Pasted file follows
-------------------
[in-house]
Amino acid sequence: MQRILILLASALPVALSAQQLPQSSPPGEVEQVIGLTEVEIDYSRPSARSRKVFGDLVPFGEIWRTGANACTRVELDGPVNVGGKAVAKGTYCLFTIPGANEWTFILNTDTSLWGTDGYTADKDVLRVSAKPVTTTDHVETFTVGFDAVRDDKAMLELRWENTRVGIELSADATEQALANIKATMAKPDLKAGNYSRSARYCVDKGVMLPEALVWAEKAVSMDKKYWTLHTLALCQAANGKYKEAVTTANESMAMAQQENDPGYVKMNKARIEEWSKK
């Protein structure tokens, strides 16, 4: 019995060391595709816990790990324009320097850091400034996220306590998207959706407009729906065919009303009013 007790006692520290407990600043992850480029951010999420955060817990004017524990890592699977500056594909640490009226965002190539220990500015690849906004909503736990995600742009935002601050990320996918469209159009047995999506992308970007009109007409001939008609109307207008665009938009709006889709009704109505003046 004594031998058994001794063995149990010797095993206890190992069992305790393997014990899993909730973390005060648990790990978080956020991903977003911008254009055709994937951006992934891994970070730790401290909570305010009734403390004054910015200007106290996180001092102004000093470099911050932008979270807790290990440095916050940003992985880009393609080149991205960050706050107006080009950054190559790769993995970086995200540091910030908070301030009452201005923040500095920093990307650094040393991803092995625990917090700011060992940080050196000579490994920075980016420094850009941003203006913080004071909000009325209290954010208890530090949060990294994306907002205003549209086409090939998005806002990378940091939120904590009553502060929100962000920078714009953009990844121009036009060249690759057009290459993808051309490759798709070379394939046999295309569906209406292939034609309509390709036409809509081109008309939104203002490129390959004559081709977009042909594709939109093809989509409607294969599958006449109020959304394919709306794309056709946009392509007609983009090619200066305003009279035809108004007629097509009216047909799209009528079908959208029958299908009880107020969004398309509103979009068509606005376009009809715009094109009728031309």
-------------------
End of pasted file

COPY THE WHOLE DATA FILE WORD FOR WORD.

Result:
[in-house]
Amino acid sequence: MQRILILLASALPVALSAQQLPQSSPPGEVEQVIGLTEVEIDYSRPSARSRKVFGDLVPFGEIWRTGANACTRVELDGPVNVGGKAVAKGTYCLFTIPGANEWTFILNTDTSLWGTDGYTADKDVLRVSAKPVTTTDHVETFTVGFDAVRDDKAMLELRWENTRVGIELSADATEQALANIKATMAKPDLKAGNYSRSARYCVDKGVMLPEALVWAEKAVSMDKKYWTLHTLALCQAANGKYKEAVTTANESMAMAQQENDPGYVKMNKARIEEWSKK
């Protein structure tokens, strides 16, 4: 019995060391595709816990790990324009320097850091400034996220306590998207959706407009729906065919009303009013 007790006692520290407990600043992850480029951010999420955060817990004017524990890592699977500056594909640490009226965002190539220990500015690849906004909503736990995600742009935002601050990320996918469209159009047995999506992308970007009109007409001939008609109307207008665009938009709006889709009704109505003046 004594031998058994001794063995149990010797095993206890190992069992305790393997014990899993909730973390005060648990790990978080956020991903977003911008254009055709994937951006992934891994970070730790401290909570305010009734403390004054910015200007106290996180001092102004000093470099911050932008979270807790290990440095916050940003992985880009393609080149991205960050706050107006080009950054190559790769993995970086995200540091910030908070301030009452201005923040500095920093990307650094040393991803092995625990917090700011060992940080050196000579490994920075980016420094850009941003203006913080004071909000009325209290954010208890530090949060990294994306907002205003549209086409090939998005806002990378940091939120904590009553502060929100962000920078714009953009990844121009036009060249690759057009290459993808051309490759798709070379394939046999295309569906209406292939034609309509390709036409809509081109008309939104203002490129390959004559081709977009042909594709939109093809989509409607294969599958006449109020959304394919709306794309056709946009392509007609983009090619200066305003009279035809108004007629097509009216047909799209009528079908959208029958299908009880107020969004398309509103979009068509606005376009009809715009094109009728031309």